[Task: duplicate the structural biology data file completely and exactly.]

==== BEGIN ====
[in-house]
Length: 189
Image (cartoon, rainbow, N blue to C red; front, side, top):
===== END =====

[in-house]
Length: 189
Image (cartoon, rainbow, N blue to C red; front, side, top):